Steamboat Springs I was heartened to read John Salazar's commentary concerning health care in last week's Pilot & Today. If Mr. Salazar means what he says about the problems, we can solve them well short of the essential nationalization of the industry under the current House bill.
First, let's dispense with the rhetoric that "the system is broken." By all objective measures, the American health care system, in terms of treatment, is the envy of the world. The problem is that we have not figured out how to pay for it.
The economic truth is, if you are going to own a Mercedes, it is going to be expensive.
The proposed legislation will address this issue in two ways: 1) ration care, and 2) make someone else pay for it.
To illustrate rationing, there are four times as many MRI units in the U.S. per capita as there are in the government-run systems of Canada or Great Britain. And in Great Britain, you will not receive treatment for macular degeneration until you have gone blind in one eye.
On the payment front, the House bill would impose an additional payroll tax (over and above the existing 15 percent payroll tax) of 8 percent on employers who do not provide health insurance coverage - not exactly a prescription to bring down the current high rate of unemployment. Over and above this, there will be a payroll tax of 2.5 percent on individuals that do not have health insurance.
This is not the kind of hope or change that I am interested in.
But Mr. Salazar's main complaints concern pre-existing condition exclusions and the prospect of losing insurance when leaving a job. This, we can fix.
The insurance industry has been regulated for many decades at the state level, so regulation is not new. However, like many regulatory agencies, these have fallen too much under the influence of the regulated industry. Here is where we can help right the ship.
The essential elements are:
- Uniform pricing for products: IBM, my law firm and individuals pay the same price for the same product from the same company, and the same products are available to all. Insurers compete on price.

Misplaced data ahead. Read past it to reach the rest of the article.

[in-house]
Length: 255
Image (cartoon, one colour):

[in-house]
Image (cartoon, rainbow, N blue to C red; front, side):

- Greater transparency: Be sure people understand what it is they are buying.
- Modify pre-existing condition exclusions: These can't really be eliminated or too many will not buy insurance until they are sick, but allow someone to buy coverage that is the same as what they have had during the prior six months.
- Uniform financial reporting for insurance companies, like the SEC requires for mutual funds: If there is some untoward conduct, we will see it.
- Eliminate government-mandated coverage: Let the consumer pick what they want. You surely have seen the Progressive commercial saying "name your price for car insurance, and we will design a policy to fit." Why not health insurance?
- Encourage Health Savings Accounts: Let the free market work.
- Tort Reform: Control costs.
Finally, let's tell the truth about the number of uninsured. Of the 45 million Salazar cites, few are chronically uninsured - the majority are just between jobs, 5 million to 12 million are illegal immigrants, 3.6 million to 9 million are on Medicaid, 3.5 million to 4.5 million already are eligible for government health programs but not enrolled, and 20.4 million have, or live, in families with incomes greater than twice the federal poverty level.
So, Mr. Salazar, we can address the issues you cite without the extreme and ill-advised legislation that you appear to support. If you are serious about your concerns, I will be the first in line to help fix the problem.
Call me. I am easy to find, and I will be sure to let the Pilot's readers know if I hear from you, and, I hope, report our progress.
Rick Akin is an attorney practicing in Steamboat Springs and Austin, Texas, and a director of The Steamboat Institute. He holds a doctorate from the University of Texas.